Sunday, August 16, 2009

Forgetting How To Win

Andy Roddick of the U.S. waves to the crowd after his loss to Juan Martin Del Potro of Argentina during their semi-final play at the Rogers Cup tennis tournament in Montreal August 15, 2009.
Reuters

Three consecutive events, three consecutive ultimate set losses.

It's nice to see so many new and renewed fans so firmly in Andy Roddick's corner when he's locked in a dogfight, but to see those dear-in-headlight eyes and the chin on the sternum after every point he loses tells me that Roddick doesn't have the confidence and belief in himself he needs to add another big title to his trophy case.

For the second time in seven days, Juan Martín del Potro played to win against Roddick. He took the biggest risks on the biggest points and won the match. For the second time in seven days, Roddick played not to lose against del Potro. This time he even held a match point. Got his racket on a first serve, actually got a good, solid swing on the ball, but mishit it and sent it wide. Two games later, collapsing under the pressure of all that cautious tennis, he lost the match and walked off the court crestfallen.

If someone had told me a year ago that del Potro would succeed Roger Federer as the player most capable of tormenting Andy on a tennis court, I'd have said you were crazy. When Andy dropped serve to open the second set it was clear he was going to lose the match and del Potro knew he was going to win it.

For those who think Andy's Wimbledon run sets him up as a lead contender at the US Open, I say think again. Had he actually won Wimbledon, then of course he'd be the favorite to win the Open.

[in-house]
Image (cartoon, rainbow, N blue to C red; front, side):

But, despite the improvements in his attitude and outlook and tennis, all of which we've seen throughout his career when he takes on a new coach, Andy has forgotten how to win. And it's killing him.

6 comments:

Dapxin said...

forgotten howto win?

I think you should have said unlearnt how to win. He is a bagful of a pain palyer to follow really but with his attitude, one learns to suffer him on.

whatever happened to mama Serena, was she in cici?

Craig Hickman said...

Forgetting. Unlearning. Same difference.

oddman said...

I hate this post. I feel the truth in it, and it makes me sad. Not dissing your writing at all, Craig. Just that I don't want to admit to myself that this rings true to me.

Sigh.

Let's just see, one more kick at the cat (figure of speech, H)
in Cincy. I can still be an optimist.

Have little rooting interest in the Montreal final. Go Murray...

Pamela said...

I'm one of those people who have been firmly in Roddick's corner in his last few deep matches. I was never particularly a fan, but he seems to have lost a bit of confidence.

Unlike you, I don't think that it's a sign of things to come. What I do like about Andy is that he's a hard worker and he works to correct whatever deficiency he may have (or thinks he has). This, will be no different.

Give him some time, I don't care what anyone says - the lost to Roger at Wimbledon took a lot out of him. That's one hurdle that will take time to get over and it's crossed over into his matches with Del Po.

I think he'll be ok and regain his confidence to just slam down an ace or forehand when matches are there for the taking.

Karen said...

I am in whaever mode right now. Could care less who wins today's matches. Getting to the point where I may only watch tennis when my faves are playing

joji said...

painful; i stopped reading and following up tennis for a day; because it was painful. I have the same thougt that you have ;Craig and I do not know if he is still a contender for slams.